ARTICLE IN BRIEF
AAN President-elect James Stevens, MD, FAAN, discusses how he balanced his professional career with long years as an Academy volunteer, how his private practice has thrived through tumultuous changes in health care, and what he hopes for the next generation of neurologists.
When James C. Stevens, MD, went to the AAN Annual Meeting in San Diego in 1992, he didn't know many people there. So when he saw an invitation on a large scrolling message board advertising a free meal to members under the age of 35, he signed right up. Francis Kittredge Jr., MD, who had sponsored the lunch to elicit opinions concerning the newly-formed AAN Foundation (now known as the American Brain Foundation), saw potential in young Stevens. As Practice Committee chair at the time, Dr. Kittredge invited him to a dinner meeting that night and by the end of the evening, offered him a position on the Quality Standards Subcommittee.
That's how Dr. Stevens started, and by 2007, he himself was chair of the Practice Committee. He has served in a variety of role over the years, most recently as vice-president of the AAN board of directors from 2015-2017, during which time he led the Board's strategic planning process. He has done all this while running an extraordinarily successful and innovative private practice and, along with his wife, Laurel, raising two children who were inspired to choose careers in medicine.
This August marks 30 years for Dr. Stevens at the Fort Wayne Neurological Center in Indiana. Two-thirds of his practice is focused on general neurology and one-third to sleep disorders medicine, in which he is board-certified.
Neurology Today spoke with Dr. Stevens to find out how he balanced his professional career with long years as an Academy volunteer, how his private practice has thrived through tumultuous changes in health care, and what he hopes for the next generation of neurologists.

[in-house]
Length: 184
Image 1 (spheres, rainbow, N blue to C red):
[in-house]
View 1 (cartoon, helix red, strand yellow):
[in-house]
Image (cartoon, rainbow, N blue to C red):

AS A NEUROLOGIST IN PRIVATE PRACTICE, WHAT DO YOU SEE AS THE TOP THREE CHALLENGES FACING NEUROLOGISTS TODAY?
The number one challenge today is maintaining financial viability through a volatile period of changes: the loss of consult and nerve conduction codes and other reimbursement reductions, as well as increased practice expenses resulting from regulatory requirements. In our office, for example, the number of full-time employees has risen from 1.5 to five staff per physician over the past 20 years to meet regulatory demands.
The second greatest challenge is dealing with that very same over-regulation. Those tasks take time away from what neurologists love to do — see and care for patients. Yet, 50 percent of our time is now spent on administrative tasks that do nothing to improve clinical outcomes.
The third largest problem is that of patient access. There are simply too few neurologists to meet the demands of our aging population.
These problems are accentuated tenfold for solo and small neurologist practices. They have less negotiating power, and it's more difficult for them to set up other revenue centers. That worries me because many of them work in underserved areas and play a vital role in the provision of care.
WHAT IS THE AAN DOING TO ADDRESS THESE THREATS?
Advocacy is one of our highest priorities, and the AAN is working both on both legislative and regulatory responses to decrease the burden. The AAN has joined forces with other cognitive specialty societies to advocate for this, and is also working diligently to increase funding for our research colleagues. It has created the Axon Registry, which currently has 171 participant groups, 51 of which are solo practitioners, and anticipates broader expansion to help more members fulfil regulatory requirements. It provides a variety of tools, programs and resources to educate our members on how to succeed and it has formed a health services research subcommittee to demonstrate the value of neurology.